Did veteran TV reporter Wayne Satz report himself out of a job?
Satz claims that he was unjustly "terminated" by KABC-TV Channel 7 on July 24, less than two months after the broadcast of his mildly critical ombudsman segment noting alleged unfair ratings manipulation by the station.
The "firing," as Satz terms it, was a "powerfully obvious . . . consequence" of his June 5 "Second Look" segment reviewing the tactics and consequences of an eight-part series about ratings, he charged. The segment chronicled a controversial eight-part series on ratings that Channel 7 deployed during the important May ratings sweeps. The series featured a heavily advertised interview with a family that was formerly part of the viewer sample used by A. C. Nielsen Co. to measure local ratings.
"I feel shocked and disappointed and betrayed," said Satz, whose job at Channel 7 included preparing "Second Look" segments that reflected on the work of the media, including Channel 7. "After 13 years, I'm smashed, ground up and kicked out," he said.
Channel 7 General Manager John Severino denied that Satz was fired. "He left on his own," Severino said Monday. "All I can tell you is that the contract we had with Satz expired over a year ago and we have been attempting to negotiate a renewal ever since. We stand ready to do so now."
Satz said Monday that he would file suit today in Los Angeles Superior Court asking $5 million in punitive damages and compensation for loss of wages and other damages from Channel 7's corporate parent, Capital Cities/ABC.
Satz's exit from Channel 7 may speak directly to an ongoing issue: whether TV stations have the determination to be their own critics and police themselves. Although the TV industry is generally loath to be self-critical, Channel 7 has had a better record than most in this area through the years. But the Satz report extended beyond the usual self-examination that causes a few winces into the perilous mine fields of the fiscal bottom line.
"I was functioning as a journalist designated to hold my employer accountable for its news practices and its use of the airwaves," Satz said.
"I think what happened is that the story turned out to be far more embarrassing than they (Channel 7 management) anticipated," said Sanford M. Gage, an attorney representing Satz.
And far more costly, for Nielsen--after intense lobbying by KNBC Channel 4 and KCBS-TV Channel 2--later took the unprecedented step of deleting its ratings for the period in question, thereby hitting Channel 7 hard in the pocketbook.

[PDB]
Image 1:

Much of Channel 7's series--and especially the Nielsen family interview--appeared to be an attempt to artificially boost the ratings for Channel 7 by directly appealing to current Nielsen families to watch its 11 p.m. news. The station's unusually high ratings for the disputed period indicated that the strategy worked.
Satz's segment not only acknowledged that, but also included an interview with Severino in which the general manager appeared to admit intent to manipulate the ratings. In the interview, Satz asked Severino if it weren't true that more Nielsen families than usual were likely to watch a heavily promoted series about Nielsen ratings.
Satz: That's a moment of extreme candor . . . . The Nielsen families are watching because they are interested in themselves.
Severino: I think that probably happened.
Satz: Well, dammit, that's what you're being accused of . . . of making a blatant manipulation of Nielsen families.
The "Second Look" was followed by a June 8 "Nightline" program on ABC that increased Channel 7's chagrin by including a portion of the Severino interview in a segment about stations accused of manipulating ratings. What's more, the "Nightline" segment aired while ABC station executives were in Los Angeles for the network's annual affiliates' meeting.
"The timing was unfortunate from Severino's point of view because at that very moment he was preparing to play host to all the visiting brass and others from around the country," Satz said. "On his own airwaves, at the hand of his own ombudsman, Wayne Satz, he was seen basically admitting to the Nielsen manipulation."